So you’re considering taking the supplemental term life insurance offered by your employer this year. Why not? It’s cheap and easy, right? Well, not so fast. While it may be a good deal for some, you may want to consider the following factors in your decision.
- Cost – This is usually the first consideration, and rightfully so. We all have other things we’d rather spend our hard-earned money on. And while the monthly payroll deduction may be enticing, it could end up costing you in the end.
The reason? Take a look at the guy in the cubicle next to you. You know, the one who sneaks outside every 15 minutes or so for a quick cigarette and conveniently stops by the breakroom on every other trip for another Krispy Kreme donut. Well, chances are good that you are helping pay for his future heart attack in the form of higher life insurance premiums. That’s right … healthy employees subsidize the unhealthy ones. In most plans, the premiums are blended so that all employees pay the same premium, regardless of health or other factors (except coverage amount). So you may actually be paying more than you would if you purchased your own policy privately.
- Security – We’re talking the job kind here. What happens to your life insurance coverage if you lose your job? That could depend on the company’s plan. Some plans allow employees to convert their coverage into a personal policy and take it with them. While that sounds good on the surface, we must dig a bit deeper to determine if it really is as it sounds. For example, the convertibility may depend on the reason for termination. It’s more likely you could convert your policy if were are laid off as opposed to being fired for misconduct or other reasons.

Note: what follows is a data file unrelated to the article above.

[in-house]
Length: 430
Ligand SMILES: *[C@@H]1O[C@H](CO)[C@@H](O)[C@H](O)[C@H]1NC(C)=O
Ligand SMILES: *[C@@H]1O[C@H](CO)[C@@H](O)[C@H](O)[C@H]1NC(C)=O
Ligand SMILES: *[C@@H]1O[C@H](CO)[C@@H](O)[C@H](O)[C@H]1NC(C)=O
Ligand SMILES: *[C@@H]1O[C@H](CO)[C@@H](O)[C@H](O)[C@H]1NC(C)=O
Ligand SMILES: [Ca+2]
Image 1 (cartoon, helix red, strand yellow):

Another consideration is the cost of conversion. The cost of most policies increases significantly once converted. While that’s not always the case, you will want to ask for a quote before signing up.
So employer-provided term life insurance may not necessarily be as good a deal as it seems, once you consider these important factors. However, it can be good for some; like the guy in the next cubicle with the perpetual jelly stain on his tie.